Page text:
In addition to the traditional GRAPPA which is only used for Cartesian trajectories, the CGLS and HGD algorithms with random projections are also applicable to any parallel MRI reconstruction technique that involves solving a large, overdetermined linear equation. For example, it can be applied to most of the GRAPPA extensions for Cartesian and non-Cartesian trajectories [45-48]. However, if the calibration phase in the pMRI techniques does not dominate the total reconstruction time as in the case of SPIRiT [49], then the computational savings are limited.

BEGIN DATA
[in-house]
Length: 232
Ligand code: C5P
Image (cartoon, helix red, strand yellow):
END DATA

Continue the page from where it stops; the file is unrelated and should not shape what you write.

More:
3.3. Memory Savings due to Reduction in Calibration Equations. Due to the amplification of reconstruction errors for [lambda] < 2.2, RP-GRAPPA puts a limit on the reduction in the dimension of source ([S.sub.red]) and target ([T.sub.red]) matrices (in (7)). However, the proposed methods (RP-CGLS-GRAPPA and RP-HGD-GRAPPA) allow more reductions in the dimensions of ([S.sub.red]) and ([T.sub.red]), without significant loss in the reconstruction accuracy, when [lambda] is used between 1 and 2.2. Therefore, the memory cost is estimated with respect to the dimension of matrices ([S.sub.red]) and ([T.sub.red]) to demonstrate the benefits of integrating channel compression with random projection for GRAPPA reconstruction. It is demonstrated in Figure 17 that when only channel compression was used in conventional GRAPPA (CC-GRAPPA), the order of the source and target matrices is reduced from 8184 x 600 (74.9 MB) to 8184 x 200 (25 MB) and 8184 x 120 (15 MB) to 8184 x 40 (5 MB), respectively. Hence, the total memory requirement to store both the matrices is reduced from 89.9 MB to 30 MB. In the case of RP-GRAPPA the optimal value to balance the tradeoff between there construction error and computation time is found at [lambda] = 2.5; therefore the total storage cost in the case of CC-RP-GRAPPA is estimated at [lambda] = 2.5, that is, 1.8 MB. In the case of CC-RP-CGLS-GRAPPA and CC-RP-HGD-GRAPPA, the total memory cost is reduced from 89.9 MB to 0.7 MB only.